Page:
The word פת means "piece". (As I don't believe in coincidence, I think the English word "piece" may have come from the Hebrew, in some way!)
See Radak on Genesis 18:5:1 (Sefaria English translation) - Hebrew & English excerpted by me:
ואקחה פת לחם, כי הנה אברהם אמר פת לחם שפירושו חתיכת לחם ולא אמר
לחם כמו שאמר מעט מים כמו שפירשנו. ואקחה פת לחם
Avraham spoke about a piece of bread, whereas in fact he served
a sumptuous meal. He had even understated the amount of bread he
would serve by not saying ואקח לחם, but ואקחה פת לחם, a reference to
less than a whole loaf.
Further support for the concept that the word means "piece" is Leviticus 2:6 (Sefaria English):
פָּת֤וֹת אֹתָהּ֙ פִּתִּ֔ים וְיָצַקְתָּ֥ עָלֶ֖יהָ שָׁ֑מֶן מִנְחָ֖ה
Thou shalt break it in pieces, and pour oil thereon; it is a
As your question appears to be general, it seems that Tanach's use of the term refers to the term "piece". See Ruth 2:14:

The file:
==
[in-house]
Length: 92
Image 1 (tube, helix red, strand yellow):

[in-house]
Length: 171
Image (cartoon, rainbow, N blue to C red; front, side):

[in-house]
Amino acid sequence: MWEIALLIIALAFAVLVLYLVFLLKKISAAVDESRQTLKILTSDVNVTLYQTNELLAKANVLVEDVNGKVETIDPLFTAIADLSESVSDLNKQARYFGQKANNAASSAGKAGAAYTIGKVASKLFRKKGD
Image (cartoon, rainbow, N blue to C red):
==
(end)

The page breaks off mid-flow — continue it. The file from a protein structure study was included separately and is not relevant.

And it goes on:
וַיֹּאמֶר֩ לָ֨ה בֹ֜עַז לְעֵ֣ת הָאֹ֗כֶל גֹּ֤שִֽׁי הֲלֹם֙ וְאָכַ֣לְתְּ
מִן־הַלֶּ֔חֶם וְטָבַ֥לְתְּ פִּתֵּ֖ךְ בַּחֹ֑מֶץ וַתֵּ֙שֶׁב֙ מִצַּ֣ד
הַקּֽוֹצְרִ֔ים וַיִּצְבָּט־לָ֣הּ קָלִ֔י וַתֹּ֥אכַל וַתִּשְׂבַּ֖ע
And Boaz said unto her at meal-time: ‘Come hither, and eat of the
bread, and dip thy morsel in the vinegar.’ And she sat beside the
reapers; and they reached her parched corn, and she did eat and was
satisfied, and left thereof
The above example, in separating the 2 terms "pat" and "lechem" makes it pretty clear that "pat" means "piece".
I am assuming that when both Mishnah, and in your case your quoting Shulchan Aruch, they use the term "pat" when meaning eating a slice or piece of bread. I think "lechem" would be used when it refers to "bread" as a general food, for example, if they were talking about what grains would be considered "bread".